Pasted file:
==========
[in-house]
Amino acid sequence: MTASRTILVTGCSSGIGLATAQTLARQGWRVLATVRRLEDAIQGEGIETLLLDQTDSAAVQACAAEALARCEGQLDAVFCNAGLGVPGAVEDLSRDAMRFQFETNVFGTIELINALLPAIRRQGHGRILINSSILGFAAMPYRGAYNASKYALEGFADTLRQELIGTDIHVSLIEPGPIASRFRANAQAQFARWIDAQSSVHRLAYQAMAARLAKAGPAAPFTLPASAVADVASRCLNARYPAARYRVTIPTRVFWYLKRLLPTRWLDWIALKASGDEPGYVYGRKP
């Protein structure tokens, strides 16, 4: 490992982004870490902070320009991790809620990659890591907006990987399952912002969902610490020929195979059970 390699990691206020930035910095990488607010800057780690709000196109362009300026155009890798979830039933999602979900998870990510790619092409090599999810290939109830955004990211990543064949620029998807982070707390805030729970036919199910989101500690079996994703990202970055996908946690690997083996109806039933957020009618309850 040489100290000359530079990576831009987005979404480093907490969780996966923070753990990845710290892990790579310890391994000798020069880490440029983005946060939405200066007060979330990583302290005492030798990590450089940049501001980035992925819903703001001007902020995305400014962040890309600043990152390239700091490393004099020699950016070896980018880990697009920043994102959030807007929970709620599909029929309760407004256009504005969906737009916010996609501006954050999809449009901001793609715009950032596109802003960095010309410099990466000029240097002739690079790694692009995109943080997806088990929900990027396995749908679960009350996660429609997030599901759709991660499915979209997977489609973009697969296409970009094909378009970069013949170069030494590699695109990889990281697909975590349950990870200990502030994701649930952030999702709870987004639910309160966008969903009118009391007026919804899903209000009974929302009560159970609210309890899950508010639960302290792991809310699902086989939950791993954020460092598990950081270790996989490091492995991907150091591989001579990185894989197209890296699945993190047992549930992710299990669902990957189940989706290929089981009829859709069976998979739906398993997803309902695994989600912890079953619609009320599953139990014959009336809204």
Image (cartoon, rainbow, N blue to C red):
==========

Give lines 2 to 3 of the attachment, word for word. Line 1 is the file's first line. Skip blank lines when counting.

Amino acid sequence: MTASRTILVTGCSSGIGLATAQTLARQGWRVLATVRRLEDAIQGEGIETLLLDQTDSAAVQACAAEALARCEGQLDAVFCNAGLGVPGAVEDLSRDAMRFQFETNVFGTIELINALLPAIRRQGHGRILINSSILGFAAMPYRGAYNASKYALEGFADTLRQELIGTDIHVSLIEPGPIASRFRANAQAQFARWIDAQSSVHRLAYQAMAARLAKAGPAAPFTLPASAVADVASRCLNARYPAARYRVTIPTRVFWYLKRLLPTRWLDWIALKASGDEPGYVYGRKP
């Protein structure tokens, strides 16, 4: 490992982004870490902070320009991790809620990659890591907006990987399952912002969902610490020929195979059970 390699990691206020930035910095990488607010800057780690709000196109362009300026155009890798979830039933999602979900998870990510790619092409090599999810290939109830955004990211990543064949620029998807982070707390805030729970036919199910989101500690079996994703990202970055996908946690690997083996109806039933957020009618309850 040489100290000359530079990576831009987005979404480093907490969780996966923070753990990845710290892990790579310890391994000798020069880490440029983005946060939405200066007060979330990583302290005492030798990590450089940049501001980035992925819903703001001007902020995305400014962040890309600043990152390239700091490393004099020699950016070896980018880990697009920043994102959030807007929970709620599909029929309760407004256009504005969906737009916010996609501006954050999809449009901001793609715009950032596109802003960095010309410099990466000029240097002739690079790694692009995109943080997806088990929900990027396995749908679960009350996660429609997030599901759709991660499915979209997977489609973009697969296409970009094909378009970069013949170069030494590699695109990889990281697909975590349950990870200990502030994701649930952030999702709870987004639910309160966008969903009118009391007026919804899903209000009974929302009560159970609210309890899950508010639960302290792991809310699902086989939950791993954020460092598990950081270790996989490091492995991907150091591989001579990185894989197209890296699945993190047992549930992710299990669902990957189940989706290929089981009829859709069976998979739906398993997803309902695994989600912890079953619609009320599953139990014959009336809204």